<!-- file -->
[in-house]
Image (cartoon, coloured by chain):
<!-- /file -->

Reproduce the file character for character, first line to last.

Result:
[in-house]
Image (cartoon, coloured by chain):